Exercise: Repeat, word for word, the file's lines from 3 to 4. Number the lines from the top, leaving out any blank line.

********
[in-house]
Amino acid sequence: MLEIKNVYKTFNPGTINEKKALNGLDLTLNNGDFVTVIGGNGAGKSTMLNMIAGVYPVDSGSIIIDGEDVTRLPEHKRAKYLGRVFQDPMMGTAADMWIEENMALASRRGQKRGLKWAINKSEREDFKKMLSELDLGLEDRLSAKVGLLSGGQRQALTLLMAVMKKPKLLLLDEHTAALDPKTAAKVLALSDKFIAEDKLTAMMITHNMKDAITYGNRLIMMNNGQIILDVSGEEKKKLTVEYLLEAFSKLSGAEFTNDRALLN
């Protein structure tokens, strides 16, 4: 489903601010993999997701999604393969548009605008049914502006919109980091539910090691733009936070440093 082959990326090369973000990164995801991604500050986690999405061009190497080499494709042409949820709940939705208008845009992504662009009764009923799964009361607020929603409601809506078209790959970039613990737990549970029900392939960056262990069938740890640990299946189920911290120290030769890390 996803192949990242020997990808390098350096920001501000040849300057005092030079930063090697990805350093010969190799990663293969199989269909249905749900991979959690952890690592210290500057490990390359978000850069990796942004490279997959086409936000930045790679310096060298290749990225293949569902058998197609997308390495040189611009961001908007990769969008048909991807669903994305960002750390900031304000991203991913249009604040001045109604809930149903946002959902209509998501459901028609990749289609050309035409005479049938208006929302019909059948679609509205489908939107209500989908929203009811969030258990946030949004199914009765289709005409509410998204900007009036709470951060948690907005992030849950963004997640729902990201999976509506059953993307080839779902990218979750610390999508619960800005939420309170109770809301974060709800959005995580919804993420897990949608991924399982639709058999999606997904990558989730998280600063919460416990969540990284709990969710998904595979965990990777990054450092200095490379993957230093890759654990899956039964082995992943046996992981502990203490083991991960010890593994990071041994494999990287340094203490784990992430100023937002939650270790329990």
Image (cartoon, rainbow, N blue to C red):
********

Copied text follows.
């Protein structure tokens, strides 16, 4: 489903601010993999997701999604393969548009605008049914502006919109980091539910090691733009936070440093 082959990326090369973000990164995801991604500050986690999405061009190497080499494709042409949820709940939705208008845009992504662009009764009923799964009361607020929603409601809506078209790959970039613990737990549970029900392939960056262990069938740890640990299946189920911290120290030769890390 996803192949990242020997990808390098350096920001501000040849300057005092030079930063090697990805350093010969190799990663293969199989269909249905749900991979959690952890690592210290500057490990390359978000850069990796942004490279997959086409936000930045790679310096060298290749990225293949569902058998197609997308390495040189611009961001908007990769969008048909991807669903994305960002750390900031304000991203991913249009604040001045109604809930149903946002959902209509998501459901028609990749289609050309035409005479049938208006929302019909059948679609509205489908939107209500989908929203009811969030258990946030949004199914009765289709005409509410998204900007009036709470951060948690907005992030849950963004997640729902990201999976509506059953993307080839779902990218979750610390999508619960800005939420309170109770809301974060709800959005995580919804993420897990949608991924399982639709058999999606997904990558989730998280600063919460416990969540990284709990969710998904595979965990990777990054450092200095490379993957230093890759654990899956039964082995992943046996992981502990203490083991991960010890593994990071041994494999990287340094203490784990992430100023937002939650270790329990």
Image (cartoon, rainbow, N blue to C red):